Kay Franklin, Managing Director of Shellseekers, understands the importance of combing unique cultural events in travel experience and particularly how wine tourism can play a role in travel planning. Her organization’s efforts to provide a personal touch mirror what the better wine marketers strive to achieve.
As one of the attendees at the 2011 International Wine Tourism Workshop , we had the opportunity to speak with Ms. Franklin about the travel market and wine tourism. Below are Ms. Franklin’s responses to our questions:
1) As the 2011 Wine Conference takes place in Porto, Portugal this year, how do you view Portugal as a wine destination?
Clients do think of Porto as a city to go to and enjoy everything to do with Port. It will be useful to expand our knowledge of the country in respect of concentrating on the wines of the different areas. Portugal seems less popular as a destination generally than it has been in previous years, so creating some itineraries which incorporate discovering the wines of the different regions may be a good way to get more people over there in 2011.
2) As a travel organizer based in Hampshire, UK, what could you tell us of the your typical audience? What do you find to be the areas of most interest for your travel groups?
We do not have a “typical” client, although we do have a lot of clients who are mature. This is good, because they can travel at any time of year and like to explore the places they visit. They tend to enjoy history, gardens … and wine.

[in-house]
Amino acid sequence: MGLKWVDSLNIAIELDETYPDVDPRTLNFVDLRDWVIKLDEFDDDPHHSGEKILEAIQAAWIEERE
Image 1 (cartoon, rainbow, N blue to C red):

3) As you work with a number of different industries, such as food, wine and hospitality, what do you find to be the strengths and weaknesses of each? Which industry do you find yourself dealing with most as you organize a trip?
It is impossible to generalise because of the wide scope of interests. Once we recommend a destination to our clients and they are interested, we then raise their enthusiasm by telling them about all the different aspects they can enjoy. However, if a client asks for a holiday which concentrates on a specific interest (such as wine) we try and suggest something a bit special. They are usually very interested in cuisine, so incorporating wine and food into a holiday (even cooking lessons, with guidance as to the best wines to go with the food) works well. Our clients tend to be active rather than just wanting to relax on a beach.
4) What activities do you look to combine with wine visits on your trip? Do you find these activities are a key selling point to your audience?
Yes, as above – gardens, physical activities such as horse riding or walking, places of historical interest.
5) What wine destination would you suggest as the site for the 2012 wine conference?
We sell a lot of long haul holidays to areas with good wine (South Africa, Argentina, Australia etc) but as people are currently keen to travel to places they can reach by train it would be interesting to look at somewhere like Austria. Austria is popular as a destination, but we do not promote it as somewhere for wine enthusiasts.
If you are a wine tourism experience provider looking to reach out to new clients then you should really be attending the 2011 International Wine Tourism Conference and Workshop and make a date to meet Kate, and some 35 – 40 other travel organisers at the Workshop. As well as Portugal as a Grape Escape destination she is also interested in meeting providers from Australia, Argentina, Chile, South Africa.